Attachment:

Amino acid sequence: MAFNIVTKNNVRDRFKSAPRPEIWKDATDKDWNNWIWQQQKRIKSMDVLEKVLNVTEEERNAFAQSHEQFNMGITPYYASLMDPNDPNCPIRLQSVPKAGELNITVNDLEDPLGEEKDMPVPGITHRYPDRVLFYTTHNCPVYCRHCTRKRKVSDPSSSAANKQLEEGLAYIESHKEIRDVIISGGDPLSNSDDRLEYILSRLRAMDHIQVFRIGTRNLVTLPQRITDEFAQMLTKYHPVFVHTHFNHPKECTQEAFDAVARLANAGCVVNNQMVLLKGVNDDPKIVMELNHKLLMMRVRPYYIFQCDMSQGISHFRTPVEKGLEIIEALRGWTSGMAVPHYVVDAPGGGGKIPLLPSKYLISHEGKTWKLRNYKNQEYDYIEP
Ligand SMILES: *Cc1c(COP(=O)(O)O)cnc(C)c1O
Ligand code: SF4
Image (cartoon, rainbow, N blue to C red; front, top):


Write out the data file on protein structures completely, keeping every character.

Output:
Amino acid sequence: MAFNIVTKNNVRDRFKSAPRPEIWKDATDKDWNNWIWQQQKRIKSMDVLEKVLNVTEEERNAFAQSHEQFNMGITPYYASLMDPNDPNCPIRLQSVPKAGELNITVNDLEDPLGEEKDMPVPGITHRYPDRVLFYTTHNCPVYCRHCTRKRKVSDPSSSAANKQLEEGLAYIESHKEIRDVIISGGDPLSNSDDRLEYILSRLRAMDHIQVFRIGTRNLVTLPQRITDEFAQMLTKYHPVFVHTHFNHPKECTQEAFDAVARLANAGCVVNNQMVLLKGVNDDPKIVMELNHKLLMMRVRPYYIFQCDMSQGISHFRTPVEKGLEIIEALRGWTSGMAVPHYVVDAPGGGGKIPLLPSKYLISHEGKTWKLRNYKNQEYDYIEP
Ligand SMILES: *Cc1c(COP(=O)(O)O)cnc(C)c1O
Ligand code: SF4
Image (cartoon, rainbow, N blue to C red; front, top):